The Sublime to the Ridiculous
A crude form of video manipulation already is happening in the satellite imagery community. The weekly publication Space News reported earlier this year that the Indian government releases imagery from its remote-sensing satellites only after defense facilities have been “processed out.” In this case, it’s not real-time manipulation and it’s up front, like a censor’s black marker. But pixels are plastic. It is perfectly possible now to insert sets of pixels into satellite imagery data that interpreters would view as battalions of tanks, or war planes, or burial sites, or lines of refugees, or dead cows that activists claim are victims of a biotech accident.
A demo tape supplied by PVI bolsters the point in the prosaic setting of a suburban parking lot. The scene appears ordinary except for a disturbing feature: Amidst the SUVs and minivans are several parked tanks and one armored behemoth rolling incongruously along. Imagine a tape of virtual Pakistani tanks rolling over the border into India pitched to news outlets as authentic, and you get a feel for the kind of trouble that deceptive imagery could stir up.
Commercial suppliers of virtual insertion services are too focused on new marketing opportunities to worry much about geopolitics. They have their eyes on far more lucrative markets. Suddenly those large stretches of programming between commercials-the actual show, that is-become available for billions of dollars worth of primetime advertising. PVI’s demo tape, for instance, includes a scene in which a Microsoft Windows box appears-virtually, of course-on the shelf of Frasier Crane’s studio. This kind of product placement could become more and more important as new video recording technologies such as TiVo and RePlayTV give viewers more power to edit out commercials.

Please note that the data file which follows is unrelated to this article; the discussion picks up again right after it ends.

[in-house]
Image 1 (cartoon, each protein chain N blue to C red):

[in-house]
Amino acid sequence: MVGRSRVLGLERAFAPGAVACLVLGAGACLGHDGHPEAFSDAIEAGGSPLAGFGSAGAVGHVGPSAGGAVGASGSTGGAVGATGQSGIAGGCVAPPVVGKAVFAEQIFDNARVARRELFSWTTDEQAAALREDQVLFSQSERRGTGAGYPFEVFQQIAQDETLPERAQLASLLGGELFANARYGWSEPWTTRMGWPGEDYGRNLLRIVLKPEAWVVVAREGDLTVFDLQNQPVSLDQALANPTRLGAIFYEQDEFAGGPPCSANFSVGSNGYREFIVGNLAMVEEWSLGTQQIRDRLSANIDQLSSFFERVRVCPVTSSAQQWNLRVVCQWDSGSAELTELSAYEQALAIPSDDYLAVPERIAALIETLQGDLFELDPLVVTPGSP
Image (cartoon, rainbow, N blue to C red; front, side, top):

Dennis Wilkinson, a Porsche-driving, sports-loving marketing expert who became CEO of 10-year-old PVI about a year ago, couldn’t be happier about that. Wilkinson’s eyes gleam when he describes a (near) future in which virtual insertion technology pushes advertisements to the personalized extreme. Combined with data-mining services by which browsers’ individual likes, dislikes and purchasing patterns can be relentlessly tracked and analyzed, virtual insertion opens up the ability to shunt personally targeted advertisements over phone lines or cables to Web users and TV viewers. Say you like Pepsi but your neighbor next door likes Coke and your neighbor across the street likes Seven-Up-the kind of data harvestable from supermarket checkout records. It will become possible to tailor the soft-drink image in the broadcast signal to reach each of you with your preferred brand.
Just 15 minutes up the road from PVI, Sarnoff’s Winarsky is also glowing-not so much about capturing market share as about the transforming power of the technology. Sarnoff has a distinguished history in that regard; the company is the descendant of RCA Laboratories, which started innovating in television technology in the early 1940s and has given birth to a plethora of media technologies. The color TV picture tube, liquid crystal displays and high-definition TV all came, at least in part, from RCA qua Sarnoff, which has five technical Emmys in its lobby.
The ability to manipulate video data in real time, he says, has just as much potential as some of these forerunners. “Now that you can alter video in real time, you have changed the world,” he says. That may sound inflated, but after looking at the Katarina Witt demo, Winarsky’s talk of “changing the world” loses some of its air of hyperbole.